Judge Tosses Medieval Times' Trademark Lawsuit Against Union

A federal judge has dismissed a lawsuit that Medieval Times brought against its workers union last year accusing the group of trademark violations over its name and logo.

In an opinion issued Thursday, the judge said the dinner theater chain failed to demonstrate that the union, called Medieval Times Performers United, was creating “confusion” among consumers and leading people to believe the labor group was somehow endorsed by the company.

“The Court concludes there is no plausible likelihood of confusion,” wrote Judge William J. Martini of the U.S. District Court for the District of New Jersey.

The company was widely mocked by union supporters on social media when it brought its claim against the group in October 2022. The union accused Medieval Times of trying to silence it through litigation and filed an unfair labor practice charge with the National Labor Relations Board.

Medieval Times argued that the union had ripped off its medieval-themed imagery and devalued its brand.

“The elements featured in the Medieval Times Performers Logo (i.e., castle, swords, old script style text) all resemble elements of Medieval Times’s branding and middle ages-themed décor, which are clearly meant to evoke Medieval Times’ unique image,” the company claimed.

But Martini found that consumers were unlikely to conflate the union with the company through the logos.

“Although both employ red and yellow in some fashion (in the logos and costumes), ‘Medieval Times’ is written in different stylized fonts and colors,” Martini wrote in his opinion, which was first reported by Bloomberg Law. “The Medieval Times Mark is written in yellow or red lettering in contrast to the [union] logo which is in black font.” 

“In sum,” he added, “neither a side-by-side comparison nor the overall impression is confusingly similar.”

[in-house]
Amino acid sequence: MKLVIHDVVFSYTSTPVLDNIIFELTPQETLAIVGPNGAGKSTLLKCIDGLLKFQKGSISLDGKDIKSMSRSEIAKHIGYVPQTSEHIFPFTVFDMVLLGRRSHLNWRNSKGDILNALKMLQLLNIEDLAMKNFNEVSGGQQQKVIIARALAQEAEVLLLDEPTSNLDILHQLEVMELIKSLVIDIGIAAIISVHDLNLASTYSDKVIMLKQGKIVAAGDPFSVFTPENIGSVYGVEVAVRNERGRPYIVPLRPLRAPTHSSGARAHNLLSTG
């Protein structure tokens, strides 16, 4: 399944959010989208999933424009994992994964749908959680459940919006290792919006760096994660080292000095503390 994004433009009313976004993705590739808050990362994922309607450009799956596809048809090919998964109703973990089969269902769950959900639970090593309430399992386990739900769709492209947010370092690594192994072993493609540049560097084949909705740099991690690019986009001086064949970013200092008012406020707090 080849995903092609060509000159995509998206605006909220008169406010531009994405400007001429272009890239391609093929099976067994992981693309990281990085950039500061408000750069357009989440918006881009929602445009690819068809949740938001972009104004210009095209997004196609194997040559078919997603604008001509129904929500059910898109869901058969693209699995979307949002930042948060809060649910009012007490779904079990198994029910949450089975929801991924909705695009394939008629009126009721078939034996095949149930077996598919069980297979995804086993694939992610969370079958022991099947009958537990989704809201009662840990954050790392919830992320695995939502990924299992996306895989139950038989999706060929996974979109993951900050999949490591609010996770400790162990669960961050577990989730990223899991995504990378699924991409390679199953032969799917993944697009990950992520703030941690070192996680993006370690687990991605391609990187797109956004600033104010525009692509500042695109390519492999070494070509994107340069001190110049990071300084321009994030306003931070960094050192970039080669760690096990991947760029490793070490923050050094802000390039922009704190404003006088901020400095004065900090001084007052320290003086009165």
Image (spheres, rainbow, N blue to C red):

Workers at a Buena Park, California, castle have been on strike since February.
Workers at a Buena Park, California, castle have been on strike since February.

Workers at a Buena Park, California, castle have been on strike since February.

Instead, he said the union’s use of Medieval Times’ name in its own served a logical purpose: “to identify the Union as employees of Medieval Times.”

The lawsuit is part of a larger battle between Medieval Times and its workers union, which is pushing for higher wages and stronger safety standards inside the company’s castles.

The knights, squires, actors and stablehands at Medieval Times’ Lyndhurst, New Jersey, location became the first to unionize last year. They were soon followed by their counterparts at the castle in Buena Park, California. The company has nine castles in the U.S. and one in Canada.

Although they use the name Medieval Times Performers United, the workers are represented by the American Guild of Variety Artists, a union that includes the Radio City Rockettes and performers at Disneyland. The union’s secretary-treasurer, Susanne K. Doris, praised the judge’s opinion in the trademark case.

“The court recognized the absurdity of the company’s claim that the public wouldn’t be able to tell the difference between Medieval Times and the union that is advocating for Medieval Times workers,” Doris said in a statement. “The dismissal will allow us to continue focusing on what really matters — fair wages, safe working conditions, and respect in the workplace — without this needless distraction.”

Workers at both the Lyndhurst and Buena Park locations are trying to negotiate first contracts with the company. The Buena Park workers have been on strike since February, accusing Medieval Times of retaliation and other unfair labor practices.

Although its trademark lawsuit was dismissed, Medieval Times did succeed in getting the union’s TikTok account shut down by lodging an intellectual property complaint with the social media giant. Prosecutors at the NLRB recently filed a complaint against Medieval Times over the TikTok ban, saying it violated labor law by trying to muzzle employees.

This story has been updated with comment from the AGVA.